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THU0188 Lymphoproliferative complications in the course of primary sjægren’s syndrome: Prevalence and common features in a large cohort of patients
  1. L. Quartuccio1,
  2. C. Baldini2,
  3. R. Priori3,
  4. E. Bartoloni Bocci4,
  5. F. Carubbi5,
  6. M. Isola6,
  7. M. Maset1,
  8. S. Salvin1,
  9. N. Luciano2,
  10. G. Picarelli7,
  11. A. Alunno4,
  12. A. Marrelli5,
  13. R. Gerli4,
  14. G. Valesini7,
  15. S. Bombardieri2,
  16. S. De Vita1
  1. 1Rheumatology Clinic, University of Udine, Udine
  2. 2Rheumatology Unit, University of Pisa, Pisa
  3. 3Rheumatology Unit, Sapienza University of Rome, Rome
  4. 4Rheumatology Clinic, University of Perugia, Perugia
  5. 5Rheumatology Clinic, University of L’Aquila, L’Aquila
  6. 6Insitute of Statistics, University of Udine, Udine
  7. 7Rheumatology Clinic, Sapienza University of Rome, Rome, Italy

Abstract

Background Primary Sjögren’s syndrome (pSS) is the autoimmune disease most often associated with lymphoma. Mixed cryoglobulinemia as well as persistent parotid swelling are the well known pre-lymphomatous clinical conditions.

Objectives To describe the prevalence of lymphoproliferative complications (defined as B-cell lymphoma or definite conditions predisposing to lymphoma, i.e, cryoglobulinemic vasculitis (CV) and major salivary gland swelling) in a cohort of pSS patients followed in five Rheumatologic Centres.

Methods Demographic, clinical, laboratory and histopathologic data in 1170 pSS were retrospectively collected according to a standard protocol. Univariate analyses were performed.

Results Prevalence of lymphoma in this SS cohort was 4.4% (51/1170), prevalence of CV (1) was 3.9% (33/850), and prevalence of salivary gland swelling and/or myoepithelial syaladenitis was 30.9% (362/1170). Salivary gland swelling and/or MESA, CV and lymphoma shared many laboratory features, i.e., positive rheumatoid factor (RF), hypocomplementemia and leucopenia, as well as a the presence of purpura as clinical hallmark of the circulating immune complexes (table 1). Interestingly, polyclonal hypergammaglobulinemia was strictly associated with salivary gland swelling, but it was not associated with CV or lymphoma; on the other hand, serum monoclonal component was significantly associated with CV or lymphoma, but not with salivary gland swelling and/or MESA.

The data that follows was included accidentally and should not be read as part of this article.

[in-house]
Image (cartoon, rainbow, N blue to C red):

Table 1. Common association (P values) between clinical and laboratory features of pSS in patients with salivary gland swelling, cryoglobulinemic vasculitis or B-cell lymphoma

Conclusions Salivary gland swelling and CV are confirmed as red flags for lymphoma evolution in pSS and are strictly linked (2). Polyclonal hypergammaglobulinemia is not a red flag for lymphoma in pSS. B-cell clonal proliferation from polyclonal to monoclonal likely occurs in the target tissue of pSS (e.g. salivary gland MALT tissue), predisposing to CV and/or to lymphoma. Cryoglobulinemia marks the emergence of abnormal RF-positive B-cell clones, but MALT lymphoma may also occur in the absence of cryoglobulinemia.

  1. De Vita S et al. Ann Rheum Dis 2011

  2. De Vita S, et al. Rheumatology 2012

Disclosure of Interest None Declared

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